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Seattle Scientist Trying To Disrupt HPV, Which Hacks Your Cells To Cause Cancer

Gabriel Spitzer
Rachel Katzenellenbogen

The human papillomavirus is a bit like a tiny hacker — black hat, of course — that sneaks into your cells, hijacks your hardware and uses it to copy itself. For nearly 80 million Americans, this is happening right now, and nearly all sexually-active people will pick up HPV at one time or another.

For a smaller number of us, that bit of forced entry touches off a chain of events that leads to cancer — mainly cervical cancer, but also penile, rectal, throat and tongue cancers. If scientists could figure out exactly how that happens, they might able to intervene and disrupt the process.

“If you're able to avoid those infections or detect and treat them before they start to lead to cancer, you have the opportunity to avoid the disease to begin with,” said Rachel Katzenellenbogen, a researcher at Seattle Children’s Research Institute and a faculty member at UW Medicine.

Katzenellenbogen recently received a $2 million grant to decipher the virus’s playbook, in hopes that scientists can figure out how to outflank it.

You’re No Good To It Dead

HPV wants to reproduce, and to do that, it needs you — alive. Katzenellenbogen says HPV wants to get somewhere where it can make copies of itself without getting attacked by your immune system, but also without killing you. You’re no good to it dead.

So HPV infects cells in skin and mucus membranes, where it takes over the cellular machinery that would normally help the cell replicate, and uses it to instead copy its own viral DNA.

While it’s in there, it disrupts a bunch of normal cell signaling (think of a hacker scrambling your security software) that would normally call in immune cells to clean out a foreign body. That lets the virus work in peace.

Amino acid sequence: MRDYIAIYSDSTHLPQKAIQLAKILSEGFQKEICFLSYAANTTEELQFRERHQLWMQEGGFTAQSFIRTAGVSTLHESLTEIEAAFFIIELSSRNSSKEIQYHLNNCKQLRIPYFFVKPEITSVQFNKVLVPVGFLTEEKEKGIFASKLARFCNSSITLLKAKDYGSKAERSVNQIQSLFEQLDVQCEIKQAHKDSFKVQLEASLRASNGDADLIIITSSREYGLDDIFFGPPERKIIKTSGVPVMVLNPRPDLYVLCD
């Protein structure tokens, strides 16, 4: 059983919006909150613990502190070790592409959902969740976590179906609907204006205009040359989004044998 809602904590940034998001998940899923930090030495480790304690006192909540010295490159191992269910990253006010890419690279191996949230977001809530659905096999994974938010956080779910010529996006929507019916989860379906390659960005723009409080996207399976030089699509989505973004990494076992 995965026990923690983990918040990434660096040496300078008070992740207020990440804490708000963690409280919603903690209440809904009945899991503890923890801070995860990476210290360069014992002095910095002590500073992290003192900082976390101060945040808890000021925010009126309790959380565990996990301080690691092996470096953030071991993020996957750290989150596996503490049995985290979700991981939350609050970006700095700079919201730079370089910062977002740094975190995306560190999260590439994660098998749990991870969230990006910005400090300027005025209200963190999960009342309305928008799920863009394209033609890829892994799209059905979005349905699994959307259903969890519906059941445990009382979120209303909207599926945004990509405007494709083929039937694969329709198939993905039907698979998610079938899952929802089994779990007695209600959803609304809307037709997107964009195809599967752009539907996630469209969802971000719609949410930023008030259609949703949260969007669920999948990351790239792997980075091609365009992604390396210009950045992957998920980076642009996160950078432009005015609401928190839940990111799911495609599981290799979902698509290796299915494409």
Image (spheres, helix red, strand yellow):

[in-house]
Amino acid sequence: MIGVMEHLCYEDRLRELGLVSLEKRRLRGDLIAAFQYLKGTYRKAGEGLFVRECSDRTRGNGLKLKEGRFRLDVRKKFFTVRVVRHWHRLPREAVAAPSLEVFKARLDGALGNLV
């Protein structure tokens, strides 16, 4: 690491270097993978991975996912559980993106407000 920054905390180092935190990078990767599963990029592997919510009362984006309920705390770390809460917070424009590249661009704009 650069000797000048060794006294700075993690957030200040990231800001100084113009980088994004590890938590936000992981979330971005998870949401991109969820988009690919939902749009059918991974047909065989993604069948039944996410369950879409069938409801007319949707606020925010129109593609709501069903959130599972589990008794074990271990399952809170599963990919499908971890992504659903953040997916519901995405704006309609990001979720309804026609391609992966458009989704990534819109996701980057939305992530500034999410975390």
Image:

“Let’s say you have a cut on your finger. Within a day, where your cut is sore, red, swollen,” Katzenellebogen said. That inflammation is part of your body’s immune response, showing that it’s working to prevent or fight infection.

But say instead you have a wart on your finger, which is caused by a papilloma virus infection.

“Your body appears to not really care; it’s not red, it’s not inflamed. Your body has a very slow, and not very robust, response to a papilloma virus infection,” she said.

Cells Live Too Long

HPV also wants its little virus factory — that is, your cell — to last as long as possible. So it silences another set of signals that would normally turn the cell off. And that’s where the problems really start.

The virus can actually make the cell live too long. And like an older person who probably shouldn’t be driving anymore, an aging cell can be a dangerous thing.

“They’ve gotten broken DNA. They're too old. Their chromosomes are starting to stick to one another. And all of those are things that should be catastrophic to a cell,” Katzenellenbogen said.

But HPV actually blocks the signals that would normally tell the cell it’s time to grind to a halt or self-destruct, or let an immune cell take it out. Instead, these cells keep right on cranking out copies of themselves and of the viral DNA. Make too many corrupt copies, and you risk for some of those cells becoming cancerous.

Vaccine Doesn’t Cover Everyone

An HPV vaccine was approved in 2006, and has been rolled out widely. But its uptake has disappointed some public health authorities; just over half of girls age 13 to 17 got it in 2012 as did just 21 percent of boys. That’s quite a bit lower than most other immunizations.

Katzenellebogen recommends that all young people get the vaccine before they are sexually active. And she recommends the newer versions, which protect against more forms of the virus, including one that causes genital warts.

But generations of adults were too old to be vaccinated (immunity must be established before a person is sexually active and likely to be infected). So Katzenellenbogen hopes to find ways to interrupt the process by which HPV hacks our cells, ensuring that an infection doesn’t lead to actual disease.

Gabriel Spitzer is a former KNKX reporter, producer and host who covered science and health and worked on the show Sound Effect.